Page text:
The above-quoted category is one that surely needs further clarification. For example, would a clothing alteration business’ principal asset be the tailor/owner’s sewing skills?
A special exception allows individual owners of the foregoing excluded businesses to take the Pass-Through Deduction in a given year if the individual’s taxable income (from all sources) does not exceed $157,500 ($315,000 for joint return filers). The exception begins to phase out for income above these amounts and is fully phased out for individuals with taxable income of at least $207,500 ($415,000 for joint return filers). These dollar amounts are to be adjusted for inflation for tax years beginning after December 31, 2018.
An interesting issue in this context is whether an employee can take the Pass-Through Deduction against his or her compensation since the provision of services as an employee is recognized as a trade or business under the tax code. The Act attempts to preclude this by stating that the trade or business of performing services as an employee is not a QTB. Despite this clear statement, some have speculated that it may be possible for one or more employees to form a flow-through entity and have their employer hire the entity as an independent contractor. The entity would then pay its owner/employees a small salary and treat the rest of its income as QBI, eligible for the Pass-Through Deduction. This approach raises a number of interesting issues worth consideration; at least until the government eliminates this potential loophole.
The maximum Pass-Through Deduction that a taxpayer can take in a given year with respect to any QTB is limited to the taxpayer’s allocable share of the greater of the following two amounts: (i) 50% of the W-2 wages allocable to the QTB or (ii) the sum of 25% of the W-2 wages attributable to the QTB plus 2.5% of the QTB’s “unadjusted basis” in certain “qualified property”. For purposes of the wage-based limitation, W-2 wages include elective deferrals funded into a 401(k) or similar plan and certain deferred compensation (including employer contributions to certain IRAs and Roth accounts). Qualified property is defined as a tangible depreciable property (e.g., buildings and machinery, but not, e.g., inventory or undeveloped land) held by the QTB that is used during the year in the production of QBI and with respect to which the depreciable period has not expired before the close of the year. For this purpose, all property depreciable (for income tax purposes) over a period of fewer than 10 years will be treated as 10-year property. Unadjusted basis means the cost basis of the qualified property immediately after its acquisition, unreduced by any later depreciation deductions. The limitation described in this paragraph is computed separately with respect to each trade or business carried on by the taxpayer.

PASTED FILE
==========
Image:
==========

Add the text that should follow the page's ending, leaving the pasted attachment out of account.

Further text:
Note that under current law, when an employee of a partnership or LLC is granted equity in the entity (such as a so-called “profits interest”), compensation payable to the employee is properly reported on Schedule K-1 and not Form W-2. Accordingly, absent further guidance, these amounts would not be treated as W-2 wages for purposes of the wage-based limitation described above. This may lead to fewer grants of actual equity (and more frequent use of phantom equity) as incentive compensation in these entities.